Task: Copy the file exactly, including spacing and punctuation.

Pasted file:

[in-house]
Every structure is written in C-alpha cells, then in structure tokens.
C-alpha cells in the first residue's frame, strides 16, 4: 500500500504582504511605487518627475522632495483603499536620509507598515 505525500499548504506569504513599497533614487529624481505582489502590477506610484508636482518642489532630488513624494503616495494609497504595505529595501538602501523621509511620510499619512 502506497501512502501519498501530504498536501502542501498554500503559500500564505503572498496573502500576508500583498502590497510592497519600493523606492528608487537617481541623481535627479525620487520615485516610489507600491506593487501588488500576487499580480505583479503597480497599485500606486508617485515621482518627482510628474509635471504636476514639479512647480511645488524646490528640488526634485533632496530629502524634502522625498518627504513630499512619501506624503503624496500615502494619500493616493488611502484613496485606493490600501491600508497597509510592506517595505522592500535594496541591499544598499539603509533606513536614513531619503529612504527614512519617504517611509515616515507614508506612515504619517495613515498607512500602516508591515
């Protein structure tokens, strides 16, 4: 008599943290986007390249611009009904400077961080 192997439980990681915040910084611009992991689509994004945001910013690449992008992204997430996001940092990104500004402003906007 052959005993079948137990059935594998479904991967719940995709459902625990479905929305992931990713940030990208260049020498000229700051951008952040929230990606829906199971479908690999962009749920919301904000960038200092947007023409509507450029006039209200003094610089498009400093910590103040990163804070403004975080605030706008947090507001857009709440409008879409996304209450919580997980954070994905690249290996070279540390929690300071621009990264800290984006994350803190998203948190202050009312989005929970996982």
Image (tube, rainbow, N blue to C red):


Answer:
[in-house]
Every structure is written in C-alpha cells, then in structure tokens.
C-alpha cells in the first residue's frame, strides 16, 4: 500500500504582504511605487518627475522632495483603499536620509507598515 505525500499548504506569504513599497533614487529624481505582489502590477506610484508636482518642489532630488513624494503616495494609497504595505529595501538602501523621509511620510499619512 502506497501512502501519498501530504498536501502542501498554500503559500500564505503572498496573502500576508500583498502590497510592497519600493523606492528608487537617481541623481535627479525620487520615485516610489507600491506593487501588488500576487499580480505583479503597480497599485500606486508617485515621482518627482510628474509635471504636476514639479512647480511645488524646490528640488526634485533632496530629502524634502522625498518627504513630499512619501506624503503624496500615502494619500493616493488611502484613496485606493490600501491600508497597509510592506517595505522592500535594496541591499544598499539603509533606513536614513531619503529612504527614512519617504517611509515616515507614508506612515504619517495613515498607512500602516508591515
């Protein structure tokens, strides 16, 4: 008599943290986007390249611009009904400077961080 192997439980990681915040910084611009992991689509994004945001910013690449992008992204997430996001940092990104500004402003906007 052959005993079948137990059935594998479904991967719940995709459902625990479905929305992931990713940030990208260049020498000229700051951008952040929230990606829906199971479908690999962009749920919301904000960038200092947007023409509507450029006039209200003094610089498009400093910590103040990163804070403004975080605030706008947090507001857009709440409008879409996304209450919580997980954070994905690249290996070279540390929690300071621009990264800290984006994350803190998203948190202050009312989005929970996982």
Image (tube, rainbow, N blue to C red):